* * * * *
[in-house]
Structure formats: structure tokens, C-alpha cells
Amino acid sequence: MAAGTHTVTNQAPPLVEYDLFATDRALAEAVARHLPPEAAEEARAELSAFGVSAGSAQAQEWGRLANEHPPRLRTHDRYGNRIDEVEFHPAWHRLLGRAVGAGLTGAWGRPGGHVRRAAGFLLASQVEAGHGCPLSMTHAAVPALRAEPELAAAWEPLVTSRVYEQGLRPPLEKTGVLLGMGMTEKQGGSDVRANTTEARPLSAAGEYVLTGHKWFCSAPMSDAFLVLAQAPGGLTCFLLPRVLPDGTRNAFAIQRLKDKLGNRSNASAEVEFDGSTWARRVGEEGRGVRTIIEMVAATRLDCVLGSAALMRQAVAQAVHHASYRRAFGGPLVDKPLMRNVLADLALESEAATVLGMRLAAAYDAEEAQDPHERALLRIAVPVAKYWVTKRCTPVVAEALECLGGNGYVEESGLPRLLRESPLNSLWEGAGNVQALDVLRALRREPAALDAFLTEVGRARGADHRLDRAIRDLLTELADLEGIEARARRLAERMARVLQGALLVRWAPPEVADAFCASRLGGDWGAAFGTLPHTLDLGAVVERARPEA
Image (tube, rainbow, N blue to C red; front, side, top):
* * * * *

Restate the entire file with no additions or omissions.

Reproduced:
[in-house]
Structure formats: structure tokens, C-alpha cells
Amino acid sequence: MAAGTHTVTNQAPPLVEYDLFATDRALAEAVARHLPPEAAEEARAELSAFGVSAGSAQAQEWGRLANEHPPRLRTHDRYGNRIDEVEFHPAWHRLLGRAVGAGLTGAWGRPGGHVRRAAGFLLASQVEAGHGCPLSMTHAAVPALRAEPELAAAWEPLVTSRVYEQGLRPPLEKTGVLLGMGMTEKQGGSDVRANTTEARPLSAAGEYVLTGHKWFCSAPMSDAFLVLAQAPGGLTCFLLPRVLPDGTRNAFAIQRLKDKLGNRSNASAEVEFDGSTWARRVGEEGRGVRTIIEMVAATRLDCVLGSAALMRQAVAQAVHHASYRRAFGGPLVDKPLMRNVLADLALESEAATVLGMRLAAAYDAEEAQDPHERALLRIAVPVAKYWVTKRCTPVVAEALECLGGNGYVEESGLPRLLRESPLNSLWEGAGNVQALDVLRALRREPAALDAFLTEVGRARGADHRLDRAIRDLLTELADLEGIEARARRLAERMARVLQGALLVRWAPPEVADAFCASRLGGDWGAAFGTLPHTLDLGAVVERARPEA
Image (tube, rainbow, N blue to C red; front, side, top):